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Arbuscular mycorrhizal fungi for Jatropha production

Charoenpakdee, S., Lumyong, S. and Dell, B. (2012) Arbuscular mycorrhizal fungi for Jatropha production. In: Carels, N., Sujatha, M. and Bahadur, B., (eds.) Jatropha, Challenges for a New Energy Crop. Springer, New York, pp. 263-279.

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Arbuscular mycorrhizal fungi (AMF) are keystone mutualists inhabiting roots of most plants including the majority of oil crops under cultivation. Therefore, sustainable yield of Jatropha (Jatropha curcas L.) in cultivation is likely to benefit from the inclusion of AMF in crop management cycles. Studies undertaken on acid and alkaline soils in a range of site conditions (productive cropping land, degraded land, mine spoil) indicate close association between Jatropha and AMF since roots were often heavily colonized by AMF in the field. Although a diverse range of AMF genera and species have been identified in the rhizosphere of Jatropha, not all are likely to be effective for sustainable production of Jatropha in plantations. For example, of 34 species of AMF in the rhizosphere of Jatropha in Thailand, only a few species were able to be trapped by Jatropha seedlings. Techniques for assessing the need for inoculation and approaches for inoculum production are discussed. The role of AMF in alleviating stresses is discussed in relation to (1) nutrient and water constraints that are likely to be the main factors limiting the production of Jatropha in many regions of the world and (2) the presence of heavy metals and salinity that will also be challenging for this crop.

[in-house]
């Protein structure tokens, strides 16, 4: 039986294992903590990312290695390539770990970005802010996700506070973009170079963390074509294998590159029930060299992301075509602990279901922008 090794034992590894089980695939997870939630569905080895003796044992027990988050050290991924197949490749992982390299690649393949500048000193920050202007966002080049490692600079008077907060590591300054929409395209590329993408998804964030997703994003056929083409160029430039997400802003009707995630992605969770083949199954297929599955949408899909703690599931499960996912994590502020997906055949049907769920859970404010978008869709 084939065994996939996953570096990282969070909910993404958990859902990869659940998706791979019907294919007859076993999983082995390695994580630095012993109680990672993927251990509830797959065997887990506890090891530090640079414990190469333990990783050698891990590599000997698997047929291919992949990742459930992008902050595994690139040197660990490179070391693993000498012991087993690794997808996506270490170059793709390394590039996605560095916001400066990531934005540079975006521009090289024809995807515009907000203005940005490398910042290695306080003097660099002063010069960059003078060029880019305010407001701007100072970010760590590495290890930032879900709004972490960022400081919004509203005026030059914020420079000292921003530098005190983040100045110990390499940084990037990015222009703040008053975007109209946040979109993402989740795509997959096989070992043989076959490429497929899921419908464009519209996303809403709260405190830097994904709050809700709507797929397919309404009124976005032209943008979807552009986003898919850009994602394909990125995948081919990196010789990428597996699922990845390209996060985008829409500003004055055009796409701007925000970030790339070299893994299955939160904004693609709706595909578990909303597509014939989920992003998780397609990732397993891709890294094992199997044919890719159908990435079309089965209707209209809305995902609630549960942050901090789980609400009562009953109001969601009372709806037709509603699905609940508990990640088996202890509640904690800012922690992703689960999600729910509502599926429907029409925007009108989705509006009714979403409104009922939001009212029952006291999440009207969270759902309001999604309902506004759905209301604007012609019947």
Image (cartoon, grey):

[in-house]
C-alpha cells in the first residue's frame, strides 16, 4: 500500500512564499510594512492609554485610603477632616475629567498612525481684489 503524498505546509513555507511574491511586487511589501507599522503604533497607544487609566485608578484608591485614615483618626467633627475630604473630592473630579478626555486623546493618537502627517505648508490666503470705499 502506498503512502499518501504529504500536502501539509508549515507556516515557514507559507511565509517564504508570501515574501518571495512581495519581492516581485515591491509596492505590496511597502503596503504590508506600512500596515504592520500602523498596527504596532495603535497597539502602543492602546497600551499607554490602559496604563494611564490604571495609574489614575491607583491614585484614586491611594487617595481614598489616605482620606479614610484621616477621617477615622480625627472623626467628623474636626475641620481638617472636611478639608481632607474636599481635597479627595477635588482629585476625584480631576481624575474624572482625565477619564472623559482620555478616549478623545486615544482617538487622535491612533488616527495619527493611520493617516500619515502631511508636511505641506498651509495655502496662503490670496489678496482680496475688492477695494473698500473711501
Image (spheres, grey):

Item Type: Book Chapter
Murdoch Affiliation(s): School of Biological Sciences and Biotechnology
Publisher: Springer
Copyright: © Springer Science+Business Media 2012
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